My cousin Duncan recommended Ender’s Game to me when I was about twelve. He let me borrow his copy, which was one of the most battered-looking books I’ve ever seen: it was in at least two pieces, held together by a rubber band. It was also signed by Orson Scott Card, so despite its terrible condition, he obviously wanted it back. Even though I finished reading it within a few days (I remember reading it while visiting another relative’s house, staying up into the wee hours of the morning, eating lemon drops out of a dish on the nightstand of the guest room, completely glued to the book), it took me quite a few months to send it back—I didn’t want to part with it.
I eventually got my own copy. This one, like Duncan’s, was well-used and well-loved, though all still in one piece. The summer before my first year of college, I lent it to my now-ex boyfriend, who, to the best of my knowledge, still has it. Too embarrassed to ask for it back, I suffered through about a year and a half of Ender’s Game-less existence before finally buying a new copy at The Strand, the best bookstore ever, in New York City during spring break my sophomore year. This is the copy I’ve lent to several other people, including my roommate and my boyfriend, and gotten them hooked on it as well. It’s currently in the possession of another friend, who also loved it. This is one of the first books that comes up in conversation about favorites, mostly because most people have heard of it but not all of them have read it, and it gives me a chance to reinforce whatever other recommendations they had been getting about this awesome book.
Ender’s Game is set far in the future. Aliens (or “buggers”) have already attacked earth twice, and the second time, Earth’s victory was only just barely snatched from the jaws of defeat. Now, in preparation for the Third Invasion, genius children are whisked away from home and sent to Battle School to learn to be military commanders. Ender Wiggin is the smallest and youngest of these children, but also perhaps the smartest. Able to see weaknesses in the system and exploit them, Ender soon rises to the top of the Battle Room standings, much to the ire of his older peers. However, Ender perseveres, and ends up changing Battle School—and life as they know it—forever.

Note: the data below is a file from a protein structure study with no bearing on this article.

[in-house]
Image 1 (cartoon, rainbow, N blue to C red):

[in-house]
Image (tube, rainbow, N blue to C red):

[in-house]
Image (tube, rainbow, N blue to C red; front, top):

I loved Ender’s Game when I was twelve because it was about genius kids, and while I didn’t fancy myself a genius, I was definitely part of what you might call the “nerd herd” at my school. My cousin was the same type of student, although definitely a ton smarter than me, and I idolized him (still kind of do, actually). So another part of the reason I loved the book so much is because I knew he loved it, and that he wanted me to love it too. And I did.
Unlike other books I was reading around the age of twelve (lots of V. C. Andrews), Ender’s Game has been a lasting favorite of mine. Other than the Harry Potter series, I don’t think there’s another book that could be considered a favorite of mine for that long. There are a couple of reasons for this.
First, the story itself is enduring. Who hasn’t wondered once in a while if there’s life elsewhere in the universe, and whether or not aliens would be peaceable? The book is rather short but intense, rarely giving the reader a break to breathe, staying true to the breakneck pace of Battle School. It’s an adventure, and it’s one that almost everyone can relate to: everyone was a kid once, and everyone has wondered about the possibilities of life beyond our own home planet.
Second, the characters, for the most part, are drawn realistically. Ender and the other main characters are all dynamic, well-developed, round characters—and even the more minor characters are pretty lifelike. Watching their exploits, their successes, and their failures is like watching my own friends (and let me tell you, I would love to be friends with a lot of these characters if they were real). I sympathize with them and cheer them on as if they really are my friends, and I think it’s terrific when an author can really make characters come alive like that. It was also comforting that as I grew up, they stayed the same. Throughout a rather tumultuous adolescence, I could always turn to Ender’s Game and be soothed by the familiar words…and also the fact that the kids I was reading about were a ton younger than me and had much bigger issues to deal with than I did: they had to worry about saving the world, while all I had to worry about was getting good grades and surviving my parents’ divorce. I could probably say this about a lot of my favorite books, but only Ender’s Game was there throughout almost my entire adolescence.
This post is already too long, so I’ll stop here. But if you’re ever skeptical about Ender’s Game, just talk to me and I’ll make you not skeptical. I don’t care who you are, you should read it, and you will enjoy it. I promise.